What is the unified estate and gift tax credit and how does it reduce my gift taxes?
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UPDATED: Dec 13, 2019
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The unified gift and estate tax credit is the current shelter amount for gifting during ones lifetime and at one’s death. When an estate is below the unified gift and estate tax credit limit, there will be no estate tax due at the time of death. Instead, all of those funds pass directly to the specified recipients.
History of the Unified Gift and Estate Tax Credit
The unified credit legislation began in 1976. During this time, someone could give away up to $30,000 per year and $60,000 upon death. This number was combined in 1977 to form the unified gift and estate tax credit. The amount of this credit increased and plateaued through the years until the Bush administration, when it increased yearly and estate tax was abolished in 2010.
Understanding the Gift Tax Credit and Legal Shelters
The IRS places restrictions on gifts given to people other than your spouse. If a gift is given as a present interest gift, meaning it is given outright to a person, then the amount is not added into your total lifetime unified gift and estate tax credit. Instead, these gifts are limited to $15,000 per person annually. When a gift is given with a future interest, meaning the gift cannot be used until your death, it is included in your unified gift and estate tax credit. The most common example of this occurrence is in irrevocable trusts.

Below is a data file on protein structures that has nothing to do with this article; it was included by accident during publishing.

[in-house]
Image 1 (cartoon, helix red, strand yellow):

The IRS has provided some legal shelters for those desiring to gift more during their lifetime. If the gift is given directly to an educational institution or medical institution, then the amount is unlimited. So, if you decide to pay for your grandson’s college tuition, the gift is unlimited so long as the check is written directly to the school. For those desiring to create irrevocable trusts and avoid the gift tax restrictions, estate planning lawyers can draft what are known as Crummey trusts.
When Does the Unified Gift and Estate Tax Credit Come into Play?
The primary time that the unified gift and estate tax credit comes into play is upon one’s death. For most middle class American families, their estate will always fall under the unified credit amount. The means that their families will not be required to pay any death taxes. However, for those families over the credit amount, estate taxes will be due at very high rates.
For those who gave future interest gifts during their lifetime, the gift amounts must be subtracted from the unified gift and estate tax credit amount and this new amount used when evaluating the estate. For example, if you gave $2 million in future interest gifts through revocable trusts during your life and you die in 2019, then your estate tax credit is reduced from $11.4 million to $9.4 million because of your lifetime gifts. (The Tax Cuts and Jobs Act of 2017 doubled the exclusion amount from $5,000,000 to $10,000,000, before adjusting the figures for annual costs of living increases. Starting in 2026, the exclusion amount will revert to 2017 levels, adjusted for inflation.)
Gift and estate tax law is very complex, and trying to create ways around it or seek out tax shelters is equally difficult. Both instances require precision in document drafting. If you have any questions about the unified gift and estate tax credit or are interested in tax shelters, contact an estate planning attorney.